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Cookin’ Up a CLASS Score Report

17 Jul 2015 by Nikki Croasdale

Cooking up CLASS scores

The CLASS score report is a vessel for providing informative and constructive feedback to teachers about the effectiveness of their classroom interactions. The report can vary depending on your goals and resources, just like a recipe for chocolate chip cookies (fun fact: you can substitute bananas for eggs if you want a low-fat or vegan option or you’re just out of eggs!), but here’s a tried and true recipe for the CLASS score report cooked up by the chefs at Teachstone.

Ingredients:

  • CLASS background
  • Observation context
  • Numerical scores
  • A delineation of strengths and areas with room for growth
  • Specific, behavioral interactions from the observation

Directions:

  1. Begin with a little bit of CLASS background. Without it, the report won’t be very helpful to the teacher, especially if she hasn’t received any CLASS training. For starters, you might explain that the CLASS tool measures the effectiveness of teacher-child interactions and that it uses a 7-point rating scale. 
  2. Sprinkle in some observation context. Remind the teacher of the date of her observation and maybe even provide some information about the content and format of the activities observed to help her connect her scores with her practice.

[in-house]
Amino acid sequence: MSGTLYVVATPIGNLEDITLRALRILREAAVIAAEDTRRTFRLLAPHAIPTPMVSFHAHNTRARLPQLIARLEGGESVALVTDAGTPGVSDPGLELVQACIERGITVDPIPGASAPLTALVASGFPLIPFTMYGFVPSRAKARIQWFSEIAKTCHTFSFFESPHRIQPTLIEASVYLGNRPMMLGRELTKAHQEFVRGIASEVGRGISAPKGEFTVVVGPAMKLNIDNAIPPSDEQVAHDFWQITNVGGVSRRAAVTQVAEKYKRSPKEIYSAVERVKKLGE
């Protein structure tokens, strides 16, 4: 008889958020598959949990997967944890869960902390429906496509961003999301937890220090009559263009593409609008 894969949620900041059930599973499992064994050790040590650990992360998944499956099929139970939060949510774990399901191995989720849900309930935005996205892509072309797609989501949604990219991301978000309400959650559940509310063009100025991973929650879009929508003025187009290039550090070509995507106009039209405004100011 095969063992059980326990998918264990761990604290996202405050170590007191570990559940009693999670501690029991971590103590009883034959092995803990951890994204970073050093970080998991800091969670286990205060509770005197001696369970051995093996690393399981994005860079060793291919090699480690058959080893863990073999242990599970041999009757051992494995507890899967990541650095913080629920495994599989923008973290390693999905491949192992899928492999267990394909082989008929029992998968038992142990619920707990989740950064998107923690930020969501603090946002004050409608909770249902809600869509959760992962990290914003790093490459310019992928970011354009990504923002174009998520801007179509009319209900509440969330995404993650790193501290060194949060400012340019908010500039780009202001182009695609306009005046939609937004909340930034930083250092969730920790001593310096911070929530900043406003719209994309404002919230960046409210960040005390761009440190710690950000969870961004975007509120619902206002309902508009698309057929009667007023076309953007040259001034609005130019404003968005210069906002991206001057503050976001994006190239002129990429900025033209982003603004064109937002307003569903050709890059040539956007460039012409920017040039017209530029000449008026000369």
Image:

3. Add the numerical scores. Include the average score across cycles for each dimension and domain. You might also share the scores for each cycle so that the teacher can see how her scores fluctuate across the day, during different activities. Consider giving information about how the classroom’s scores compared to program or national averages so the teacher has a better understanding of how her classroom matches up to others and can set attainable goals.
  4. Mix in strengths and areas with room for growth. Point out which scores indicate low, mid, and high levels of effectiveness to help the teacher understand what she’s doing well and what she could work on.    
  5. Toss in some specific, behavioral interactions from the observation.  Sharing examples of what was observed will help the teacher better understand her teaching practice and what more effective and less effective interactions look like.
  6. Bake with objectivity and CLASS-based language, and voila: a CLASS score report!  Best enjoyed accompanied by a CLASS Dimensions Guide or a follow-up coaching session.

 

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